Due to all of this, Aliens: Dark Descent can be quite difficult, especially in the early game where your Marines aren’t kitted out or upgraded. Changes in difficulty settings and accessibility options can make things much easier for those looking to just relax and enjoy the story, but even then, you’ll need to keep your squad moving or fail miserably over and over again. That challenge will be something that some crave and enjoy taking on with maxed-out difficulty, but those not well-versed in strategy titles—especially the real-time variety—may find themselves frustrated here and there.
“… Aliens: Dark Descent can be quite difficult, especially in the early game where your Marines aren’t kitted out or upgraded.”
As mentioned above, getting your Marines up to snuff is a huge part of not only being able to play the way you want to but in moving quicker and killing more efficiently so you’re not squad-wiped or starting the mission over. Different weapons, classes of Marines, and vulnerable traits must be balanced and built out to create a team that works for you, and that works well together.
Players who prefer to keep the wheels turning might prefer abilities, like the Shotgun, that allow for quick blows on the move, while others may like to set up firing lines with flames or suppressive fire and go with that approach. Either way, until you reach those options, you have to be flexible with what you have.
My biggest complaint with Aliens: Dark Descent is the squad-based movement and positioning. While it makes things simpler, especially so on console and when you’re playing in real-time, I regularly found myself on PC wanting to get better angles, wanting to spread my squad out or leave someone in a position to cover my other troops or to do, really, anything other than just waltz everyone in behind the same wall of cover and hope for the best while frantically using abilities to keep the Xenomorphs from surrounding them, especially when ammo is sparse and must be found and abilities take time to recharge.
“My biggest complaint with Aliens: Dark Descent is the squad-based movement and positioning.”
The dark, gloomy settings and art style match well with the fear that builds trying to avoid the Xenomorphs (or whatever other enemies you come across, like other soldiers or the all-new Xenomorph-Human hybrids). Everything is dark, and creeping through hallways while checking your radar or deploying motion detectors to check for movement keeps you on edge at all times—ready to spring into action with real-time combat. The sound design pushes this even further with creepy noises and creaking metal, even if the third-person perspective doesn’t lend itself to the horror like Alien: Isolation’s first-person immersion does.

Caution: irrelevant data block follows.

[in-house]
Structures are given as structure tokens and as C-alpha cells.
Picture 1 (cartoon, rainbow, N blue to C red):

The way that the main base, the U.S.S. Otago, functions is similar in a lot of ways to the XCOM series. Upgrading and levelling Marines, researching better armour and weapons, and managing health and morale are the key functions when settled in at the crashed vessel. While the extent of research and upgrades isn’t as extensive as you’d find in XCOM, it’s the same idea. Getting a group of Marines to the point you’d like them and then having a quick mistake cost you half your squad is gutting, making the need for a quick, strategic approach all that much more important.
Aliens: Dark Descent is a great strategy game set in a beloved horror franchise. The pace of the gameplay can take some getting used to for those who like to take their time, the lack of full tactical control over individual units, and the early-game difficulty are complaints that I think, at the end of the day, are easily overshadowed by the rest of the package on offer. Fans of the Alien franchise, as well as strategy aficionados, will easily find tons of replayability and fun in Aliens: Dark Descent, while first-time entrants to the genre might need to start elsewhere to get up to speed before jumping in here.